AMD

AMD Unveils Radeon Pro WX and Pro SSG Professional Graphics Cards (hothardware.com) 53

MojoKid writes: AMD took the wraps off its latest pro graphics solutions at SIGGRAPH today, and announced three new professional graphics cards in the new Polaris-based Radeon Pro WX Series. The Radeon Pro WX 4100 is the entry-level model with a half-height design for use in small form-factor workstations. The Radeon Pro WX 5100 is the middle child, while the Radeon Pro WX 7100 is AMD's current top-end WX model. The Radeon Pro WX 7100 has 32 compute units, offers 5 TFLOPs of compute performance, and is backed by 8GB of GDDR4 memory over a 256-bit memory interface. The Radeon Pro WX 5100 offers 28 compute units and 4 TFLOPs of performance along with 8GB memory over the same 256-bit interface, and the Radeon Pro WX 4100 is comprised of 16 compute units at 2 TFLOPs of perf with 4GB memory over a 128-bit memory link. The Radeon Pro WX 4100 has four mini DisplayPort outputs, while the Radeon Pro WX 5100 and 7100 each have four full-size DisplayPort connectors. None of these cards will be giving the new NVIDIA Quadro P6000 a run for its money in terms of performance, but they don't have to. The Quadro card will no doubt cost thousands of dollars, while the Radeon Pro WX 7100 will eek in at just under $1,000. The Radeon Pro WX 5100 and 4100 will slot in somewhat below that mark. AMD also announced the Radeon Solid State Storage Architecture and the Radeon Pro SSG card today. Details are scant, but AMD is essentially outfitting Radeon Pro SSG cards with large amounts of Solid State Flash Memory, which can allow much larger data sets to reside close to the GPU in an extended frame buffer. Whereas the highest-end professional graphics cards today may have up to 24GB of memory, the Radeon Pro SSG will start with 1TB, linked to the GPU via a custom PCI Express interface. Giving the GPU access to a large, local data repository should offer significantly increased performance for demanding workloads like real-time post-production of 8K video, high-resolution rendering, VR content creation and others.
Open Source

Linux Kernel 4.7 Officially Released (iu.edu) 60

An anonymous Slashdot reader writes: The Linux 4.7 kernel made its official debut today with Linus Torvalds announcing, "after a slight delay due to my travels, I'm back, and 4.7 is out. Despite it being two weeks since rc7, the final patch wasn't all that big, and much of it is trivial one- and few-liners." Linux 4.7 ships with open-source AMD Polaris (RX 480) support, Intel Kabylake graphics improvements, new ARM platform/board support, Xbox One Elite Controller support, and a variety of other new features.
Slashdot reader prisoninmate quotes a report from Softpedia: The biggest new features of Linux kernel 4.7 are support for the recently announced Radeon RX 480 GPUs (Graphic Processing Units) from AMD, which, of course, has been implemented directly into the AMDGPU video driver, a brand-new security module, called LoadPin, that makes sure the modules loaded by the kernel all originate from the same file system, and support for generating virtual USB Device Controllers in USB/IP. Furthermore, Linux kernel 4.7 is the first one to ensure the production-ready status of the sync_file fencing mechanism used in the Android mobile operating system, allow Berkeley Packet Filter (BPF) programs to attach to tracepoints, as well as to introduce the long-anticipated "schedutil" frequency governor to the cpufreq dynamic frequency scaling subsystem, which promises to be faster and more accurate than existing ones.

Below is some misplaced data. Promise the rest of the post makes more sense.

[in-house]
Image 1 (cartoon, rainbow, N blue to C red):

Linus's announcement includes the shortlog, calling this release "fairly calm," though "There's a couple of network drivers that got a bit more loving."
Hardware

NVIDIA Launches GeForce GTX 1060 To Take On AMD's Radeon RX 480 (hothardware.com) 89

Reader MojoKid writes: NVIDIA just launched their answer to AMD's Radeon RX 480 mainstream card today, dubbed the GeForce GTX 1060. The GP106 GPU at the heart of the GeForce GTX 1060 has roughly half of the resources of NVIDIA's current flagship GeForce GTX 1080. NVIDIA claims the GTX 1060 performs on par with a previous generation high-end GeForce GTX 980 and indeed this 120W mainstream offers an interesting mix of low-power and high-performance. The new GeForce GTX 1060 features a new Pascal derivative GPU that's somewhat smaller, called the GP106. The GP106 features 10 streaming multiprocessors (SM) with a total of 1280, single-precision CUDA cores and eight texture units. The GeForce GTX 1060 also features six 32-bit memory controllers, for 192-bits in total. GeForce GTX 1060 cards with either 6GB or 3GB of GDDR5 memory will be available and offered performance that just misses the mark set by the pricier AMD Radeon R9 Nano but often outran the 8GB Radeon RX 480. The GeForce GTX 1060 held onto its largest leads over the Radeon RX 480 in the DirectX 11 tests, though the Radeon had a clear edge in OpenCL and managed to pull ahead in Thief and in some DirectX 12 tests (like Hitman). The GeForce GTX 1060, however, consumes significantly less power than the Radeon RX 480 and is quieter too.You may also want to read PCPerspective's take on this.
Graphics

Leak Shows PlayStation 4 Neo Is Expected To Have Twice The Graphics Horsepower (hothardware.com) 99

MojoKid writes from a report via HotHardware: Following rumors of a more powerful console in Sony's not-too-distant future -- one that will be capable of playing games at a 4K resolution -- the Japanese electronics maker last month opted to confirm it is indeed in development. Called PlayStation 4 Neo, the upgraded system will bring better hardware to the console scene to meet the needs of gaming on a television with four times as many pixels as a Full HD 1080p display. What's it going to take to game at 4K in the living room? A leaked internal document outlines some very interesting specs of the new model PS4 console. Assuming the leaked document is up to date with Sony's current plans, the PS4 Neo will use the same Jaguar cores as the original PS4, but clocked 500MHz faster, with 8 cores at 2.1GHz (up from 1.6GHz). The more significant upgrade will be the GPU. According to the slide, the PS4 Neo will use an improved version of AMD's GCN compute units (CUs), with twice the number of CUs at 36 instead of 18. They'll also be clocked faster -- 911MHz versus 800MHz. The net result is a 2.3x improvement in floating point performance.

Slashdot Top Deals